Reconstruction era

The Reconstruction era was a period in American history following the American Civil War (1861–1865); it lasted from 1865 to 1877 and marked a significant chapter in the history of civil rights in the United States. Reconstruction, as directed by Congress, abolished slavery and ended the remnants of Confederate secession in the Southern states; it presented the newly freed slaves (freedmen; black people) as citizens with (ostensibly) the same civil rights as those of other citizens, and which rights were guaranteed by three new constitutional amendments, the 13th, 14th, and 15th Amendments. Reconstruction also refers to the attempt by Congress to transform the 11 former Confederate states; and it refers to the role of the Union states in that transformation.

Reconstruction era
The ruins of Richmond, Virginia, the former Confederate capital, after the American Civil War; newly-freed African Americans voting for the first time in 1867;[1] office of the Freedmen's Bureau in Memphis, Tennessee; Memphis riots of 1866
DateDecember 8, 1863 – March 31, 1877 (1863-12-08 1877-03-31)
Duration13 years, 3 months, 3 weeks and 2 days
LocationSouthern United States
Also known asReconstruction, Reconstruction era of the United States, Reconstruction of the Rebel States, Reconstruction of the South, Reconstruction of the Southern States
CauseAmerican Civil War
Organized byUnited States Government

Following the assassination of President Abraham Lincoln—who led the Republican party in opposing slavery and fighting the war—Vice President Andrew Johnson assumed the presidency. He had been a leading Unionist in the South but now reversed himself and favored the ex-Confederates and became the leading opponent of the Radicals and the Freedmen. He intended to largely allow the returning states to decide the rights (and fates) of the former slaves in the South. While Lincoln's last speeches showed a grand vision for Reconstruction, including suffrage (the right to vote) for freedmen, Johnson and the Democrats adamantly opposed any such goals.

Johnson's Reconstruction policies generally prevailed until the congressional elections of 1866, which followed a year of violent attacks against black people in the South including riots in Memphis and a massacre of freedmen in New Orleans. The 1866 elections gave Republicans a majority in Congress. Now they were empowered and pressed forward to adopt the 14th Amendment. They federalized the protection of equal rights for freedmen and dissolved the legislatures of rebel states, requiring new state constitutions be adopted throughout the South that guaranteed the civil rights of freedmen. Radicals in the House of Representatives, frustrated by Johnson's opposition to congressional Reconstruction, filed impeachment charges. The action failed by one vote in the Senate. The new national Reconstruction laws incensed white supremacists in the South, giving rise to the Ku Klux Klan. The Klan murdered Republicans and outspoken freedmen in the South, including Arkansas Congressman James M. Hinds.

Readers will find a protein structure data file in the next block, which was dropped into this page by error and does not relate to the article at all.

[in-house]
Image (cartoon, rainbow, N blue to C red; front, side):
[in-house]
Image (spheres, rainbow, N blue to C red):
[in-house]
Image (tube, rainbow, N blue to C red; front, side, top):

In nearly all the ex-Confederate states Republican coalitions came to power and directly set out to transform Southern society by deploying the Freedmen's Bureau and the U.S. Army to implement a free-labor economy to replace the slave-labor economy in the South. The Bureau protected the legal rights of freedmen while negotiating labor contracts and establishing schools and churches for them. Thousands of Northerners came to the South as missionaries and teachers as well as businessmen and politicians to serve in the social and economic programs of reconstruction. (Opportunistic Northerners seeking to exploit the federal occupation for personal gain were commonly referred to as "carpetbaggers" by Southerners for their typical use of cheap carpet bags as luggage.)

Elected in 1868, Republican President Ulysses S. Grant supported congressional Reconstruction and enforced the protection of African Americans in the South through the use of the Enforcement Acts passed by Congress. Grant used the Enforcement Acts to combat the Ku Klux Klan, which was essentially wiped out in 1872. Grant's policies included federal integration, equal rights, black immigration, and the Civil Rights Act of 1875. Nevertheless, Grant failed to resolve the escalating tensions inside the Republican Party between Northern Republicans and Southern Republicans (this latter group would be labeled "scalawags" by those opposing Reconstruction). Meanwhile, "Redeemers", self-styled conservatives in close cooperation with a faction of the Democratic Party, strongly opposed Reconstruction.[2]

Support for continuing Reconstruction policies declined in the North. A new Republican faction emerged that wanted Reconstruction ended and the Army withdrawn—the Liberal Republicans. After a major economic recession hit in 1873, the Democrats rebounded and regained control of the House of Representatives in 1874. They called for an immediate ending. In 1877, as part of a congressional bargain to elect a Republican as president following the disputed 1876 presidential election, Army troops were withdrawn from the three states (South Carolina, Louisiana, and Florida) where they remained. This marked the end of Reconstruction.

Reconstruction has been noted by historians for many "shortcomings and failures" including failure to protect many freed blacks from Ku Klux Klan violence prior to 1871, starvation, disease and death, brutal treatment of former slaves by Union soldiers, while offering reparations to former slaveowners, but denying them to former slaves.[3] However, Reconstruction has had four primary successes including the restoration of the Federal Union, limited reprisals against the South directly after the war, property ownership for black people, and the establishment of national citizenship and legal equality.[4]